Tonight I sat down to have thanksgiving dinner at a table of women. Two generations and dozens of stories apart. The one next to me is Haitian and asks whether I am going to remain in America after school, and I never think about it when people ask me this question. There is no hesitation to my 'No', and she recounts to me that she said she would come here for five years. She is now well beyond forty years of living in New York.
A friend had asked me the same question last night, told him I didn't see the point in having to exert myself for survival here when I could live comfortably with house and land on a quiet-enough island where the ocean doesn't freeze over in the loaf-end months. I can see the enticement of the opportunity here, but if you step back far enough, it's always a carrot-bait type of situation, and I'm just not that kind of horse. I understand it though. I understand the West Indian obsession with Brooklyn, we always move, waves at a time.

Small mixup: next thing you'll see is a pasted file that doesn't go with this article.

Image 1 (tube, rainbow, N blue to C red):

Two of my sisters (God bless the hearts of these women) tonight asked where I wanted to live eventually, and whether I would stay in New York. At this point I feel like the universe is asking me to shape a clearer definition of myself and prodding me in the direction of a work I started this week. In creating a performance for a class project, I am beginning to form my first one-woman show, on the questions of destiny and identity and trusting dreams.
More doors have been opening than I had keys to. God has been remarkably gracious to me in the last few months, and this year has been one of so much growth for me as a person. I am trying to expand beyond the US as of next year, I need to get hold of some scholarships and grants, but these things have already been surfacing. I have some key people at this point in my life that I am drawing experience from, and this is definitely a time of growth for me. I have been more grateful for life in this last week than I have ever been in my life.